WATERFORD — Voters will elect one of two candidates for the Board of Selectmen on Friday, March 3.

Polls will be open from 1 to 6 p.m. at the Waterford Municipal Municipal Building, 366 Valley Road.

Selectman Randy Lessard is being challenged by political newcomer Allan Barden, who did not respond to the questionnaire sent out to both candidates. 

Lessard, who has served on the board since 2008, has been chairman since 2010.

Also on the ballot is longtime School Administrative District 17 Director Barry Patrie, who is running unopposed. Patrie is a former chairman of the town Finance Committee, and acted as chairman of the team representing SAD 17 during lengthy teachers’ contract negotiations. He also serves on SAD 17’s Budget Committee, Operations Committee and Curriculum and Personnel Committee.

Reached by phone Monday, Barden said he did not care to respond to questions about his candidacy.

“Oh, I threw that away,” he said when asked if he received a questionnaire.

Lessard, who works as a business unit manager for Nichols Portland in Portland, has been active in local and statewide politics and community service for many years. In addition to serving as selectman, he was on the Waterford Government Committee and the Waterford Taxation Committee in 2007.

He also has been a member of the board of directors of Maine Adventures in Creativity for the past three years and problem captain for the past 20 years for Odyssey of the Mind.

Lessard said he is running because he wants serve the community.

“Probably the most important reason is my love for this community and my desire to find a way to serve my friends and neighbors,” said Lessard in his written response. “There are a lot of ways of serving and Waterford has been blessed that many people who have found many different ways of doing just that. I just happened to discover that my business background provided me with some tools and experiences that were beneficial to the Board of Selectmen.”

Lessard cited the need to control taxes as the most important issue facing the town.

“To my way of thinking taxes are a necessary evil,” Lessard stated. “Without them, all of the functions of the town would come to a screeching halt.

“However, the selectmen also have an obligation to allow the people who pay the taxes to keep as much of their money in their pockets as possible,” he said. “So a balance needs to be struck between the responsible funding of town functions and the desire to keep the tax burden as low as possible. This has been a primary concern of mine during my nine years as a (selectman) and I have written about it numerous times in the town report.”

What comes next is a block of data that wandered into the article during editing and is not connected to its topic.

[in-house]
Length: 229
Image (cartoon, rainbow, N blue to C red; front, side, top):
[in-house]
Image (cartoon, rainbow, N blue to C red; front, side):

Lessard also said that there must be a fair and equitable distribution of taxes.

“Waterford’s Board of Selectmen also serves as the Board of Assessors, which means they are responsible for making sure that everyone pays their fair share, no more and no less,” he said. “This takes a lot of work to do right, and a lot of training.”

Lessard also cited the need to preserve Waterford’s sense of community as very important to his role as selectman.

“Waterford has a history of people coming together to serve one another in areas where they have a passion,” he said. “From our Fire Department to our churches to our library, we rely on a small group of volunteers to provide some very important services. Unfortunately time marches on and this group is aging. We need to find a way to get another generation of people engaged so that our sense of community giving and involvement can be preserved.”

If elected, Lessard said he hopes to continue to serve Waterford in an informed manner and does so in part through his work training and experience.

“Because Waterford doesn’t have a town manager the selectmen have to do a lot,” he said. “Action is required, and it extends way beyond the bi-weekly meetings. I’ve always tried to make sure I am informed regarding what is required of every function and every situation I’ve been in. I’ve been able to draw heavily on my training and experiences obtained while working for a large corporation. I’ve also attended dozens of classes for selectmen and I went through a 60-hour training class and eight-hour test so that I could get certified as an assessor. I did this so that I could be confident that the work we do every year in setting property taxes creates the equity and fairness that the law requires and Waterford’s taxpayers deserve.”

Lessard said that during his tenure as selectman, the board has set property values and improved the budgeting process, which in turn has made the town financially healthy.

Additionally, the board has created a long-term capital plan for the Highway Department that is funded without “spiking” the mill rate when equipment is purchased and will be true as the town’s Road Plan continues to be completed.

Finally, he said, the town’s tax rate continues to be flat.

“We were able to do this by making sure that town spending did not exceed our ability to pay for it,” he said.

“There is much more work to be done and my hope is that the voters of Waterford appreciate the effort I put into the position and have confidence in my abilities, to the point where they re-elect me for another term,” he concluded.

The annual town meeting will be held Saturday, March 4, at the Municipal Building. Action on the 70-article warrant will begin at 9 a.m.

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Randy Lessard

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